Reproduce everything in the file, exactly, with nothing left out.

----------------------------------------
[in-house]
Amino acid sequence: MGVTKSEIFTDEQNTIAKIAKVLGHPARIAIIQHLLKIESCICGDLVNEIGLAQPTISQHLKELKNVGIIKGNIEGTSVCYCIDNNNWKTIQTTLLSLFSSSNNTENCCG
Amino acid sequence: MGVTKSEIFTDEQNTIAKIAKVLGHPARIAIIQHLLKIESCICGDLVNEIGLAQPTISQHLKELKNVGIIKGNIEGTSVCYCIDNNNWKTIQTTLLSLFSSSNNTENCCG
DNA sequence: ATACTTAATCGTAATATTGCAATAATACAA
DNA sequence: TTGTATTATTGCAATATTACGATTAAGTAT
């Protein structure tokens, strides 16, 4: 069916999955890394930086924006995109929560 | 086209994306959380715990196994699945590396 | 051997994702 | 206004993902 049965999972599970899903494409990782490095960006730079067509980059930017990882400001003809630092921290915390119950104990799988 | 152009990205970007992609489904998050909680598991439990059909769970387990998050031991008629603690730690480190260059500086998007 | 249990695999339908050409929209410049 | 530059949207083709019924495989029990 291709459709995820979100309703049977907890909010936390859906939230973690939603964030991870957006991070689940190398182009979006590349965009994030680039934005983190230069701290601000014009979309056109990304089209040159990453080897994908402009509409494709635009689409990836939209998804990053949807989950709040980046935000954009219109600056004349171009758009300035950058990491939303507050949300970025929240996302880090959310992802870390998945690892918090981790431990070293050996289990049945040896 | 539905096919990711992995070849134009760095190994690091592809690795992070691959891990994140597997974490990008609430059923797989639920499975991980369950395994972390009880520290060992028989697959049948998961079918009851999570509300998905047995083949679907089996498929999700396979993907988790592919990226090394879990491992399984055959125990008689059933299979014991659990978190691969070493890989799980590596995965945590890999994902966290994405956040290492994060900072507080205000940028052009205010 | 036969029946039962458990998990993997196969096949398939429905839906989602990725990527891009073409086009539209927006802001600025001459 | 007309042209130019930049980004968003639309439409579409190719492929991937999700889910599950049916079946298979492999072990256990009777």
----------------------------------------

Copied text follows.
[in-house]
Amino acid sequence: MGVTKSEIFTDEQNTIAKIAKVLGHPARIAIIQHLLKIESCICGDLVNEIGLAQPTISQHLKELKNVGIIKGNIEGTSVCYCIDNNNWKTIQTTLLSLFSSSNNTENCCG
Amino acid sequence: MGVTKSEIFTDEQNTIAKIAKVLGHPARIAIIQHLLKIESCICGDLVNEIGLAQPTISQHLKELKNVGIIKGNIEGTSVCYCIDNNNWKTIQTTLLSLFSSSNNTENCCG
DNA sequence: ATACTTAATCGTAATATTGCAATAATACAA
DNA sequence: TTGTATTATTGCAATATTACGATTAAGTAT
């Protein structure tokens, strides 16, 4: 069916999955890394930086924006995109929560 | 086209994306959380715990196994699945590396 | 051997994702 | 206004993902 049965999972599970899903494409990782490095960006730079067509980059930017990882400001003809630092921290915390119950104990799988 | 152009990205970007992609489904998050909680598991439990059909769970387990998050031991008629603690730690480190260059500086998007 | 249990695999339908050409929209410049 | 530059949207083709019924495989029990 291709459709995820979100309703049977907890909010936390859906939230973690939603964030991870957006991070689940190398182009979006590349965009994030680039934005983190230069701290601000014009979309056109990304089209040159990453080897994908402009509409494709635009689409990836939209998804990053949807989950709040980046935000954009219109600056004349171009758009300035950058990491939303507050949300970025929240996302880090959310992802870390998945690892918090981790431990070293050996289990049945040896 | 539905096919990711992995070849134009760095190994690091592809690795992070691959891990994140597997974490990008609430059923797989639920499975991980369950395994972390009880520290060992028989697959049948998961079918009851999570509300998905047995083949679907089996498929999700396979993907988790592919990226090394879990491992399984055959125990008689059933299979014991659990978190691969070493890989799980590596995965945590890999994902966290994405956040290492994060900072507080205000940028052009205010 | 036969029946039962458990998990993997196969096949398939429905839906989602990725990527891009073409086009539209927006802001600025001459 | 007309042209130019930049980004968003639309439409579409190719492929991937999700889910599950049916079946298979492999072990256990009777």